Utilities

The flex framework provides a number of important utilities via the flexloader namespace. These utility methods are made available by the flexLoader.js script when you deploy an app.


API Interface: flexloader.execute(function($, App) {})


To write code that interfaces with the flex framework, the first utility that you should get familiar with is the execute() method. The execute() method should generally be used to wrap any code which is intended to interface with the flex framework api.


Example:
flexloader.execute(function($, App) {
  // api programming...
});

Any function that you pass to the execute method will be passed two parameters. The first parameter is a reference to the jQuery instance which is being used by the framework (since it's possible to have multiple instances of jQuery running on the page). The second parameter is the application object which encapsulates the entire flex framework api, and provides access to all of the app interfaces.

Another important function of the execute() method is to ensure that the framework is fully initialized before your code is executed. Since the framework loads asynchronously after your DOM is ready, there may be a short delay before it is actually ready to receive commands. The execute() method will wait until the framework is ready to go before it executes code that is passed to it.

Alternate Usage: The execute() method also supports passing the name of a named resource (which should be added via the addResource() method) as the first parameter, and then the function to execute as the second parameter. When used in this way, the function will only be executed if (and when) the named resource is successfully loaded.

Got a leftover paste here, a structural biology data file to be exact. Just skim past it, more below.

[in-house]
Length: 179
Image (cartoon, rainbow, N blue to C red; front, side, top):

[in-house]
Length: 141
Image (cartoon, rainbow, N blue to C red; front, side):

Example:
flexloader.execute('myResource', function($, App) {
  // stuff to do when "myResource" is loaded
});

// example of a flag used for conditional loading of the resource
var needMyResource = true;

if (needMyResource) {
  flexloader.addResource({
    name: 'myResource',
    src: '/path/to/resource.js'
  });
}

App Extensions: flexloader.extendApp(function($, App, config) {})


The extendApp() method is a variation of the execute() method described above, but any code passed to it will actually be executed before any code passed to the execute() method. This is true up until the point at which the app is actually initialized, at which point both the execute() method and the extendApp() method will execute code passed to them in real time.

The extendApp() method is generally used for things like adding a widget template to the framework, since you want that template to be available to other code using the standard execute() method. But it is useful in any situation where your code is more or less doing "prep" work to the framework.

Another reason to use the extendApp() method is when you are writing code that can be "autoloaded". Functions passed to this method have a third "config" parameter available to them. When you use the extendApp() method in a script file that has been autoloaded, the config parameter will contain information about the script file itself and any options that may have been passed to it. This way, it's possible for your code to load additional dependency resources (such as other script libraries or css files) on it's own, or to change it's default behavior based on the config options that it was autoloaded with.